This is neither Spain, nor France.


There are also flags seemingly everywhere that symbolize the fight to return Basque prisoners to the Basque Country. For the last so many decades, the Spanish government dispersed ETA prisoners into all parts of Spain and France, including the Canary Islands. This was done to prevent the prisoners from conspiring with each other, but it has taken a drastic toll for the families of the prisoners. 

As we learned from Homeland, the Basque people place an incredible amount of emphasis on “home.” To keep the prisoners a train or even a plane ride away takes away their basic rights to see their family.

Strangely, while having our discussion on La Isla de Santa Clara, I felt very connected to home, 3,500 miles away. The prejudice the Basque people face is, I think, related to the crisis we have going in the U.S. Our government, by trying to enforce a system that maybe we should reevaluate, has taken away one of the most important rights a person can have: to be with their family. And, to be honest, I felt and still feel somewhat fearful that immigrants and their allies will have to fight, scream, and die for as long as the Basque people have in order to be heard and helped. 

That being said, I think it’s encouraging to see that people are unrelenting in their fight as I hope we are across the ocean. Additionally, in learning about the Basque people, I have realized something about the world. I love to travel because I love to learn about different cultures, peoples, and lands. I love to feel connected to all things living. But after travelling to many different countries on multiple continents, developed and developing, my mind has synthesized what I have observed and have been fortunate enough to be a part of.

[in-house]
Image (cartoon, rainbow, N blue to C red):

Akin cultures can exist everywhere in the world, not dependent on location, language, or skin color. Humans suffer in very similar ways, whether through the faults of others or independent causes; and, though the way we handle damage is personal, as societies, it shapes us into one united body. Through suffering also comes the realization of what we actually need for survival. 

Among those is family. Some of the greatest feats that have been performed have been for family and for love. And, while I long for my home with a growing sense of appreciation that seems to occur each time I leave, I am in utter awe at the speed at which my classmates and I have eased into a family-like bond, even though we are only halfway through our trip. It leaves me with the notion that maybe we can have multiple homes, since our hearts can be in so many places with so many people at once. I know, for me, it is possible. 

Say Cheese

It has always been a dream of mine to travel and explore the beauty that the world has to offer. This is, however, my first time traveling out of the Americas. That being said I did not know what to expect from this trip. I have had friends and family members who have traveled to Europe and even Spain, and I have heard all of the glorious stories they told. But I knew that in order to truly understand what they were saying, I would need my own authentic experiences. Thanks to this study abroad trip I have been able to explore deeper into the beautiful country of Spain than I could on my own. With various group trips and immersive experiences, I have been able to get a sense of what life is like everyday for the Basque people. 

With that said, one of our group excursions was to the little town of Idiazabal. This town is famous not only in the Basque Country, but surrounding countries, as well. This is because of the rich, delicious cheese that is all natural and wonderfully crafted. For generations, the Aranburu family has been gifting others with the production of their mouth watering cheese. 

The trip began with one of the more scenic drives I have witnessed. Rolling green hills dotted with red tile roof houses and scattered livestock. The peaks and valleys were many and seemed to grow in magnitude the further we went. As we drove further into the rural parts of the Basque Country, the sense of traditional lifestyles was prominent. Upon entering the cheese factory, that is exactly what was displayed. 

Professor Z has never taken his students on this specific excursion before, so this experience was going to be new for everyone involved. Some students had mixed feelings about learning how to make sheep cheese and spending the day inside a factory, but others were excited. I personally was interested because I knew that an experience like this is beautifully unusual, and it would shine a light on the intricate details of Basque history and culture.